“With the combination of serious public health and economic impacts caused by COVID-19, employers are finding themselves facing unprecedented challenges”. The article Employer’s Challenges and Obligations during the COVID-19 Outbreak, written by Halifax Partner Geoff Breen & Halifax Associate Drew Ritchie, was published in the Spring 2020 edition of the Canadian Bar Association’s Nova Voce. Click here to read the full […]read more
Employee’s Belief of Discrimination ≠ Actual Discrimination
In a recent decision of the Ontario Court of Appeal, General Motors of Canada Limited v. Johnson, 2013 ONCA 502, it was confirmed that an employee’s honest belief that they are being discriminated against is not, in and of itself, a sufficient basis on which to find workplace harassment and discrimination.
Johnson, a manager at GM, alleged that he was subjected to racism which was condoned by GM and resulted in a poisoned work environment. Specifically, Johnson alleged that he was discriminated against when another employee refused to attend a training session led by Johnson. Johnson reported the alleged racism to GM, who conducted an investigation into the matter. During the investigation, the employee revealed that he had refused to attend the training session because of his dislike of Johnson which stemmed from a workplace incident that had occurred years earlier. The investigator concluded that there was no evidence of racially-motivated conduct.
Nevertheless, the employee was demoted from his position as supervisor. A few weeks later, Johnson reported to GM that he observed the employee performing supervisory duties, contrary to his demotion. The employee was suspended for 5 days. The employee grieved the suspension and was successful in having it removed.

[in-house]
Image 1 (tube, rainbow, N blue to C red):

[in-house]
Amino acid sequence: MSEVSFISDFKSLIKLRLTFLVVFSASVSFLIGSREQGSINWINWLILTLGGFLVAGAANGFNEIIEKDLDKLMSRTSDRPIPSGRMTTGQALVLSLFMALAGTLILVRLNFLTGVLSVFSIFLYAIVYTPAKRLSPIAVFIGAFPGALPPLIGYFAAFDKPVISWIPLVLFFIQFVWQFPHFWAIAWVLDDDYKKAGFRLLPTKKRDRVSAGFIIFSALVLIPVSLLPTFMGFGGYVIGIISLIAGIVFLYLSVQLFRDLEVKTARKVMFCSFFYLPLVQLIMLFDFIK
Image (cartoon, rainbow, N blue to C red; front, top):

Following the grievance arbitration, Johnson made another complaint that the employee was racist toward him. GM investigated and concluded there was no evidence of racism. Johnson was dissatisfied with the outcome of the investigation. Shortly thereafter he commenced a two-year medical leave of absence. When he was medically cleared to return to work, GM offered him a choice of two positions that had similar responsibilities to his previous role as manager. Johnson refused both positions because of the possibility that he might come into contact with the employee. GM concluded that, by refusing the two positions, Johnson had resigned. Johnson sued, alleging constructive dismissal.
The trial judge held that the employee’s refusal to attend the training session was motivated by racism. The trial judge also concluded that GM:
- failed to take Johnson’s complaints seriously;
- failed to enforce the employee’s demotion; and
- was instrumental in the employee’s suspension being removed.
The trial judge held that all of the above resulted in a poisoned work environment and, consequently, Johnson’s constructive dismissal.
Court of Appeal:
The Court overturned the trial judge’s decision. It concluded that there was no basis in evidence on which to conclude that the employee’s refusal to attend the training session was motivated by racism. The Court of Appeal also concluded that the evidence did not support a finding of constructive dismissal as the allegation stemmed from a single event – the failure of the employee to attend the training session. The alleged offending conduct did not constitute a poisoned work environment because it was not persistent and repeated nor was it sufficient, in and of itself, to taint the workplace.
What This Means for Employers
An allegation of discrimination and/or harassment is very serious and ought to be treated as such. An allegation of discrimination and/or harassment can have long-standing repercussions for both the complainant and the alleged perpetrator. Allegations of discrimination and/or harassment should therefore be properly and thoroughly investigated. The investigation requires careful scrutiny of and balanced attention to all evidence relating to the allegation. An employee’s subjective belief of workplace discrimination and/or harassment is not a sufficient basis on which to conclude there has been any wrong-doing. A finding of discrimination and/or harassment needs to be supported by objective evidence of misconduct.